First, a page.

The Music of  Miklos Rozsa
1.- The Ten Commandments (1956) 'Prelude' by Elmer Bernstein
2.- Ben Hur Roman March
3.- Knights of the Round Table (1953)   Suite 
4.- Miklos Rozsa  Fanfares, The Chariot Procession
5.- The Dream of Olwen   Leonard Pennario 
6.- Ben Hur(Original Soundtrack Recording)  Parade Of The Charioteers
7.- The Dream of Olwen   Leonard Pennario Miklos Rozsa

Miklós Rózsa - Greatest Hits

1940 The Thief of Bagdad

1941 Lydia
1941 That Hamilton Woman
1942 Jungle Book 

1944 Double Indemnity

1945 Spellbound

1945 The Lost Weekend

1946 The Killers 
1947 A Double Life

1949 Madame Bovary
1950 The Asphalt Jungle
1951 Quo Vadis
1953 Knights of the Round Table 
1956 Diane
1950 Ben-Hur 
1961 El Cid
1963 The V.I.P.s
1973 The Golden Voyage of Sinbad
1977 Providence



The Thief of Bagdad

The Thief of Bagdad is a 1940 British Technicolor Arabian fantasy film, produced by Alexander Korda, directed by Michael Powell, Ludwig Berger, and Tim Whelan, with additional contributions by Korda's brothers Vincent and Zoltán and William Cameron Menzies. The film stars child actor Sabu, Conrad Veidt, John Justin, and June Duprez. It was distributed in the US and the UK by United Artists.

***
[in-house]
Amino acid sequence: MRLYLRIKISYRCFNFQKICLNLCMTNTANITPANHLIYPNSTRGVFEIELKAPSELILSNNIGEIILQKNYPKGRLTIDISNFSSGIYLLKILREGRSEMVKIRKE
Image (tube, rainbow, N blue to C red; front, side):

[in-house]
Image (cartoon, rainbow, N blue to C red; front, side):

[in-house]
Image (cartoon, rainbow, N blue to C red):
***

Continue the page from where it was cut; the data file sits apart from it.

The Thief of Bagdad won the Academy Awards for Cinematography, Art Direction (Vincent Korda) and Special Effects (Lawrence W. Butler, Jack Whitney) and marks the first major use of bluescreening in film. It was also nominated for Original Music Score (Miklós Rózsa), the first time a British film score had been recognized at the Academy Awards.

The Thief of Bagdad (1940) - Suite - Miklos Rozsa



Lydia is a 1941 drama film, directed by Julien Duvivier. It stars Merle Oberon as Lydia MacMillan, a woman whose life is seen from her spoiled, immature youth through bitter and resentful middle years, until at last she is old and accepting. It is a remake of Duvivier's Un carnet de bal (1937), which starred Marie Bell as the leading character.

Lydia (1941) 

Lydia (1941) 

Miklos Rozsa - "Lydia" suite for piano (1941) 1/2
Pianist : Albert Dominguez

1- Love theme (1.55)
2- Bubbling St ars (1.25)
3- Sleighride (1.49)
4- Waltz (2.58)

Miklos Rozsa - "Lydia" suite for piano (1941) 2/2
Pianist : Albert Dominguez